Rauvolfia vomitoria

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Rauvolfia vomitoria
Scientific classification edit
Kingdom: Plantae
Clade: Angiosperms
Clade: Eudicots
Clade: Asterids
Order: Gentianales
Family: Apocynaceae
Genus: Rauvolfia
R. vomitoria
Binomial name
Rauvolfia vomitoria
Afzel., 1817[1]
  • Rauvolfia congolana De Wild. & T.Durand
  • Rauvolfia pleiosiadica K.Schum.
  • Rauvolfia senegambiae DC.
  • Rauvolfia stuhlmannii K.Schum.

Rauvolfia vomitoria, the poison devil's-pepper,[3] is a plant species in the genus Rauvolfia. It is native to Senegal east to Sudan and Tanzania, south to Angola; and naturalized in China, Bangladesh, and Puerto Rico.[4]

2,6-Dimethoxybenzoquinone is a benzoquinone, a toxic chemical compound found in R. vomitoria.[5]

Every part of the tree is toxic.[6] It has been identified as an invasive species in Hawai’i (O’ahu).[7]


  1. ^ "Subordinate Taxa of Rauvolfia L". TROPICOS. Missouri Botanical Garden. Retrieved 2009-11-11.
  2. ^ The Plant List: A Working List of All Plant Species, retrieved 19 November 2016
  3. ^ "Rauvolfia vomitoria". Natural Resources Conservation Service PLANTS Database. USDA. Retrieved 19 October 2015.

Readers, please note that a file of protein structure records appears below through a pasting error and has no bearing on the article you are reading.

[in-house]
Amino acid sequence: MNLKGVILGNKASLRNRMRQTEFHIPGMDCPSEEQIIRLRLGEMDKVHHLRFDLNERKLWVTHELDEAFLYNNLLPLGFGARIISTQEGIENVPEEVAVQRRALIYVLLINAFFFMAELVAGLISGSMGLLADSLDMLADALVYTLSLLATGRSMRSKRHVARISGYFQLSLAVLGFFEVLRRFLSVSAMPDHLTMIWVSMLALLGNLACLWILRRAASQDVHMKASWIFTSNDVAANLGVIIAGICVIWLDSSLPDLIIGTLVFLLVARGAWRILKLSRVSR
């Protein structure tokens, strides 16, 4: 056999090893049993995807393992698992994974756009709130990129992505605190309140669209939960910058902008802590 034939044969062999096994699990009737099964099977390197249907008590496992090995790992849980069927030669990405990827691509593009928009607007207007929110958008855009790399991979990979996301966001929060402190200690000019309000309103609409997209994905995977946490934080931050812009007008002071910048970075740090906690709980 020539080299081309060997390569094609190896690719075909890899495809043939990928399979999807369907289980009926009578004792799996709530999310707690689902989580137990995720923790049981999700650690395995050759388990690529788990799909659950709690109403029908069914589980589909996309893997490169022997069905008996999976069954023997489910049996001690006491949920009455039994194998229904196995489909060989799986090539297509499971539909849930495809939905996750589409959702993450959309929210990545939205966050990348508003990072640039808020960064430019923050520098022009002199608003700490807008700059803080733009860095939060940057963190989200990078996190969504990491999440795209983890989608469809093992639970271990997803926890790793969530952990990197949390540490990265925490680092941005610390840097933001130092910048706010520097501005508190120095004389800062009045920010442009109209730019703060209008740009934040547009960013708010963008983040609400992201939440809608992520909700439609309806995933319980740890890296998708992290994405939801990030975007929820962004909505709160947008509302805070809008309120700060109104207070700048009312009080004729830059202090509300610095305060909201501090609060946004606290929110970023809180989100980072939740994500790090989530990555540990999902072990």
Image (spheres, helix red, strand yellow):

4. ^ Kew World Checklist of Selected Plant Families
  5. ^ Kupchan, S. Morris; Obasi, Mang E. (2006). "A note on the occurrence of 2,6-dimethoxybenzoquinone in Rauwolfia vomitoria". Journal of the American Pharmaceutical Association. 49 (4): 257. doi:10.1002/jps.3030490421.
  6. ^ "Eyes and Ears Network". Kohala Center Newsletter. November 2010. Archived from the original on 3 November 2014.
  7. ^ Invasive Species Fact Sheet 16, Pacific Islands Area, Poison devil's-pepper (Rauvolfia vomitoria) (PDF), Natural Resources Conservation Service, 2011, retrieved 19 November 2016

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